Is it a coincidence that twice in one week I've been involved in conversations where people said they were so happy with the commercialization of Christmas? Some context here is necessary. Early in the week a woman addressed a meeting I was at. She and her husband and kids had spent the past three Christmases in Costa Rica. I swooned. Outside it was snowing and the temps hadn't risen above 17 degrees for . . . awhile. Anyway she shared that she had begun to miss the commercialization of Christmas. We all laughed. No really, she said. There just wasn't enough "stuff" there to remind her of the season or of home. Then just the other night my friend's son was home from high school abroad. In Norway he said they are more laid back about Christmas. He scanned the room we were in with the lights, the lit candles, the TREE. He said already there are more decorations in this room then you'd find in a whole house in Norway. The tree for instance might have one strand of light and decorations made out of straw.
I understand that Costa Rica and Norway bring their own traditions into play at Christmas. Who doesn't get Scandinavian design--hello, IKEA. And I could take a decorated palm tree right about now.
But I also understood what each of these people meant when they said I missed the commercialization of Christmas. As Americans we "own" it. I write that literally and figuratively--if that is possible. One) we like to own things, ahem the Louisana Purchase, the buying and selling of people. Our history is littered with deals, bargains (see Manhattan Island for wampum), and steals. And 2) as a people we are generally over the top. Not only do we have to have it, but we're also lovin' it. A lot of my international friends find that appealing. Americans are so enthusiastic!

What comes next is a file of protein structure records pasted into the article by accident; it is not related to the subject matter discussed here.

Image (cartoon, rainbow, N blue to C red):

I've been in other countries as the Christmas season was closing in and have to admit the festivities seemed restrained and some of the hilltowns a little dark--maybe a throw back to their medieval past. Oh, they had fried doughnuts and panetonne and versions of Santa Claus and even some drunks. But something was missing.
I think it's because, in atleast some parts of Europe and South/Central America, Christmas is considered a religious occasion, a high holiday. People go to church and then have family time etc. Sort of like Thanksgiving. You travel to grandma's, eat, talk, sit around, watch TV, someone gets drunk and the family fights, and then it's over for another year.
Whereas as much as we decry the commercialization of Christmas and certain people insist on the "reason for the season": Rejoice! Most of us wouldn't want it any other way.
Now excuse me, gotta go; someone is about to put Frosty the Snowman into the DVD player.